This book was very enjoyable like all of his, but it was kind of all over the place. I almost forgot about the Truelove through most of the book tillThis book was very enjoyable like all of his, but it was kind of all over the place. I almost forgot about the Truelove through most of the book till the tidy wrap up at the very end. But it was still another nice high adventure on the seas. ...more
Great book, really well written, interesting characters, crazy and amazing plot as usual for Palahniuk. It follows a model who's face has been blastedGreat book, really well written, interesting characters, crazy and amazing plot as usual for Palahniuk. It follows a model who's face has been blasted off in a freak accident as she reinvents her life and reimagines her past. The other characters are similarly interesting with a good mix of obvious and deep. The plot twists are good. I feel like I should have seen them coming even though I didn't and they serve the story, so basically it's a very well constructed novel....more
So nerdy, so wonderful! My favorite line is Harry's family motto, "You can never have enough books!" Everyone should give it a try, especially if you aSo nerdy, so wonderful! My favorite line is Harry's family motto, "You can never have enough books!" Everyone should give it a try, especially if you aren't morally opposed to harry potter and sometimes like rationality.
Even if you don't want to get through the whole thing, if you take the chapters as short stories the first few chapters or 100 pages are a compete riot.
If you're a historian you'll appreciate his occasional appeals to historical occasions during his search for moral high ground, or at least an internally consistant set of rules for himself.
If you're a scientist or SF geek you'll appreciate that this Harry is, too.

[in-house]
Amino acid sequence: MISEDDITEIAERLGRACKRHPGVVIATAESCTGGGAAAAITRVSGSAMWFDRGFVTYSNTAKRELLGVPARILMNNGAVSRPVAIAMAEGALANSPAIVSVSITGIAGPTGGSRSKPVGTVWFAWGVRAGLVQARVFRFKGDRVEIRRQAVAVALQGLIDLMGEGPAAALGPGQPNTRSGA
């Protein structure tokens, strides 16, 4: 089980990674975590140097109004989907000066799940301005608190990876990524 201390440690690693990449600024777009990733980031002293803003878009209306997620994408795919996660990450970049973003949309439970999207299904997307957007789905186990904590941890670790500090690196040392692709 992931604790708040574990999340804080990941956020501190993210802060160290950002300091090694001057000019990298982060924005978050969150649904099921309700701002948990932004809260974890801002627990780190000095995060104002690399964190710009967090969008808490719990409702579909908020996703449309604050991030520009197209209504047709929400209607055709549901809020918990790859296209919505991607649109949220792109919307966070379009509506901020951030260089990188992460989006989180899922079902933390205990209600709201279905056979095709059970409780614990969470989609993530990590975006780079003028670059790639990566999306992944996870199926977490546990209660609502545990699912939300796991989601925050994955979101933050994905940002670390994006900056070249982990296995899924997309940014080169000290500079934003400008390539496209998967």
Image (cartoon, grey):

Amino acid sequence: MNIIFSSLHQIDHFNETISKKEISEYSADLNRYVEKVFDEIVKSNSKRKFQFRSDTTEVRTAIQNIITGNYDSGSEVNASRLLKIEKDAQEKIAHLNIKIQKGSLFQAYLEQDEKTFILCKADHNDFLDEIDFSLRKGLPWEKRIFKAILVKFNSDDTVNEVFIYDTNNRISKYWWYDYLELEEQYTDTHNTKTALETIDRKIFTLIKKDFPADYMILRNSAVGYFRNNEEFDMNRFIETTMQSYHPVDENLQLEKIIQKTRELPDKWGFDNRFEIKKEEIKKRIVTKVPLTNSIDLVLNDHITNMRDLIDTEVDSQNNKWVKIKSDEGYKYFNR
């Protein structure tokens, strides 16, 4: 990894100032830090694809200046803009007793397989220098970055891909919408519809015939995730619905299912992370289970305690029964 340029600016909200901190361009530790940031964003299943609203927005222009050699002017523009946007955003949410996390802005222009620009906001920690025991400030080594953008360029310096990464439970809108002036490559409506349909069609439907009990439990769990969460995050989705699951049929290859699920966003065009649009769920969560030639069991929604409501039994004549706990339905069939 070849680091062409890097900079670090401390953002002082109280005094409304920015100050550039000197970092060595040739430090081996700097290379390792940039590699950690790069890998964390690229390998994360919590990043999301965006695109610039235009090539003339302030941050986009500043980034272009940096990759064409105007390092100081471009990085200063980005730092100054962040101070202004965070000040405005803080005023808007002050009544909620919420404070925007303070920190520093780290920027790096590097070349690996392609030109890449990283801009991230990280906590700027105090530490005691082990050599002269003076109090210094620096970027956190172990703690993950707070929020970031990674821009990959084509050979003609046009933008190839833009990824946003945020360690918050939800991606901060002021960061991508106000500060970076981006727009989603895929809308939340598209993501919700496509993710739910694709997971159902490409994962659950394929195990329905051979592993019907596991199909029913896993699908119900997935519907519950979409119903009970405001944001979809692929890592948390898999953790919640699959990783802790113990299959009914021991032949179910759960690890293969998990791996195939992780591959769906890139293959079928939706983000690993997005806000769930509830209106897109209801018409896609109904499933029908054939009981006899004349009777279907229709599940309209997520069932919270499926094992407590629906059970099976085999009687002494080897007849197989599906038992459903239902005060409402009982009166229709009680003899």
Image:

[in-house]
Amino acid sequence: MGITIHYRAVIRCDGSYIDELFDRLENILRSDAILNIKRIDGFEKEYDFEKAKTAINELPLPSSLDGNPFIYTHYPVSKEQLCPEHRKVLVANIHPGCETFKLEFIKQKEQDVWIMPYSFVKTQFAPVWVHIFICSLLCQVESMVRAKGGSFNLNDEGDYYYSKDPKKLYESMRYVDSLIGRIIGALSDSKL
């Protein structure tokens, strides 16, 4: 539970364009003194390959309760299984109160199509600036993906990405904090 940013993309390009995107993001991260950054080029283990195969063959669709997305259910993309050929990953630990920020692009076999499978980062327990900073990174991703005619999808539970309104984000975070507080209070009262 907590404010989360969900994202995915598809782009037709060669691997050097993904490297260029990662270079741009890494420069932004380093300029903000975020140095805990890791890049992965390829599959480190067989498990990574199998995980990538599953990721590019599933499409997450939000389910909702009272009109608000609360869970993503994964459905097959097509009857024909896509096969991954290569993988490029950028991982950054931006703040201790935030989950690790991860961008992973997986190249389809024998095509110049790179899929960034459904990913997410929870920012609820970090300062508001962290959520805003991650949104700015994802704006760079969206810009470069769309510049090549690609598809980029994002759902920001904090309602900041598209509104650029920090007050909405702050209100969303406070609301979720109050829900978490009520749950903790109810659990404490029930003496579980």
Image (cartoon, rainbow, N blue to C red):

If you're neither, but you like Harry Potter, then this is a funny departure and somewhat flippant response to some of the silly things that went on the HP universe. Not that it isn't serious and a bit scary (in that it's sometimes scary to think about the complexity of good and bad characters beyond, well, good and bad), but it's more light hearted than dark and the extra dimensionality to the characters, if you liked them in the HP books is fun.
Oddly, this book is still in progress (though at 1300 pages it doesn't feel like I've been left with a cliff hanger, though I will come back occasionally looking for new chapters to finish it off). It's free, as it's a fan fiction, and you can read it in pdf, or download a format your ereader can handle. Or if you like, print it out yourself. Which is cheaper than buying a book, and in the end wouldn't "waste" any more paper. :) There's also a pretty good audio book version if you have a commute or work with headphones on. You can find it online here: http://perf.hpmor.com/
A warning, though, this Harry is sometimes as or more annoying than the original. He's smart, but really full of himself, cold, more like an educated 20-something than an 11 year old, and almost always gets his way. Also, if you are triggered by people who are evil by not thinking of their enemies as people, or by callus conversations about doing evil-death-eater-like things, avoid it too. ...more